It comes as Kwasi Kwarteng unveiled a £260 million public and private sector investment in offshore wind farms – forming part of plans to “eradicate” Britain’s contribution to the climate crisis.
On Monday, a group of leading climate scientists also warned the world will reach 1.5C above pre-industrial levels sometime over the next 20 years, with the risk of far greater global warming if little is done.
But the business secretary Mr Kwarteng faced questions on the controversial remarks made by Mr Johnson, who also argued that country should “look at” the opportunity of shale gas, while he was mayor of London in 2013.
“When he said that eight-nine years ago, clearly what he said was wrong,” Mr Kwarteng told LBC radio. “Wind farms, wind power contributes sometimes upwards of 40 per cent of electricity”.
“I think there’s been a huge change in the last eight years. I remember in 2012, 40 per cent of our electricity then basically derived from coal – today that figure is less than two per cent,” he added.
“Over the last nine years we’ve seen a revolution in the way we power electricity, the way we power our lives and offshore wind has been a huge part of that success and that transition”.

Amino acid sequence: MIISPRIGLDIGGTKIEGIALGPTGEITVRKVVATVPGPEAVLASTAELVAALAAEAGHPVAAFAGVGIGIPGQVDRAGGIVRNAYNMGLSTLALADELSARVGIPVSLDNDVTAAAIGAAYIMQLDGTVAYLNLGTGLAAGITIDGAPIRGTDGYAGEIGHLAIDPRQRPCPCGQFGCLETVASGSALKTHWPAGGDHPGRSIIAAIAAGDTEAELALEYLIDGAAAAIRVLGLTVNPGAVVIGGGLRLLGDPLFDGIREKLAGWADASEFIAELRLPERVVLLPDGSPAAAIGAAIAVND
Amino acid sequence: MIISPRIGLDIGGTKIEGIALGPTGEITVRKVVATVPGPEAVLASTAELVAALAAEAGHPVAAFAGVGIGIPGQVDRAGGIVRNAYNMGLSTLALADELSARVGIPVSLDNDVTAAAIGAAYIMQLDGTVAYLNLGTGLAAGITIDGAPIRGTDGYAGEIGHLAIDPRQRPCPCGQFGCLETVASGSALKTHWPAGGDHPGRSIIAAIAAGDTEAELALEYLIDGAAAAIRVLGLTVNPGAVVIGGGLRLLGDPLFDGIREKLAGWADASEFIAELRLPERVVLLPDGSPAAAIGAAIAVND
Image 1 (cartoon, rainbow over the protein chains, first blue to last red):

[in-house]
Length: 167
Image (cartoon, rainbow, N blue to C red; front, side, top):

Quizzed again, Mr Kwarteng said: “As a politician, I look back on things I said eight/nine years ago that were wrong.”
Addressing his own comments at the Conservative Party conference in 2019, the prime minister accused his past self of “forgetting the history of this country”, as he offered a revised personal view of wind power.
“I remember how some people used to sneer at wind power, 20 years ago, and say that it wouldn’t pull the skin off a rice pudding,” he said.
“They forgot the history of this country. It was offshore wind that puffed the sails of Drake and Raleigh and Nelson, and propelled this country to commercial greatness.”
According to an analysis published earlier this year, nearly a quarter of the UK’s electricity came from wind turbines in 2020 and moved away from coal power at a faster rate than any other G20 country from 2015 to 2020.
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